quote of the day

“For a president, inflation is the problem from hell – you can’t win. Because it’s so hard economically, politically it’s even worse: there’s nothing you can do short term to solve it.

— Elaine Kamarck, Senior Fellow at the Brookings Institution, speaks with
The New York Times
on the challenges facing the Biden administration as inflation continues to climb.

The deficit is only a fraction of what it was last year

The federal budget deficit totaled $423 billion in the first eight months of the current fiscal year, which began last October, the Congressional Budget Office said in a statement. estimate

released on Wednesday. Revenue increased by $768 billion (29%) in 2022 over the period, while expenses decreased by $873 billion (19%).

The totals represent a huge drop in the size of the budget deficit, driven by the expiration of pandemic emergency spending and an increase in revenue related to the recovery. “This amount represents about one-fifth of the $2.1 trillion revenue shortfall recorded during the same period in 2021,” CBO said.

The deficit for the full year is expected to be $1 trillion, a reduction of $1.7 trillion from a year earlier.

Global corporate tax plan in jeopardy

More than 130 countries have agreed in principle to change the way big businesses are taxed in their jurisdiction, a move that would represent “the most sweeping changes to the international tax system in a century”, according to Alan Rappeport of the New York Times. But the tax overhaul is now ‘bogged down in a toxic mix of fine print and political paralysis’, Rappeport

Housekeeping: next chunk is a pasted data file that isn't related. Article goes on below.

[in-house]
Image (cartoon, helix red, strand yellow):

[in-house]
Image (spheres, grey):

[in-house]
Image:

said
raising the question of whether it will ever be implemented.

The plan has two main parts: 1) impose a minimum corporation tax of 15%, so that companies cannot game the system by setting up offices in low-tax countries like Ireland and the Netherlands ; and 2) taxing income where it’s earned, so companies can’t shift profits to countries like Bermuda and the Cayman Islands to lower their tax bills. The plan would also allow countries to impose higher tax rates on some of the world’s largest multinationals.

Despite the multinational agreement announced last fall, many problems remain. In the United States, the tax proposal has been closely linked to the Democrats’ Build Back Better social spending plan, which would require the support of all Democrats in the Senate to pass – and which now appears virtually dead.

Other countries could also serve as stumbling blocks. While Ireland, which has prospered for years thanks in large part to its low corporate tax rates, has finally agreed to participate, Poland is now expressing concerns over some technical aspects of the deal.

During Treasury Secretary Janet Yellen’s recent trip to Europe, Poland was her first stop, in part to discuss the tax plan. His assessment of the situation was cautiously optimistic. “I think it’s not hopeless,” Yellen said of ensuring Poland sticks to the deal. “It is certainly possible that this will happen.”

Even if Poland can be brought back on board, challenges will remain as each participating country tries to implement the deal. “If the United States and Europe fail to comply with the agreement, the global agreement risks unraveling,” Rappeport said. “That would mean the continuation of a hodgepodge of tax rates and related tariff fights around the world.”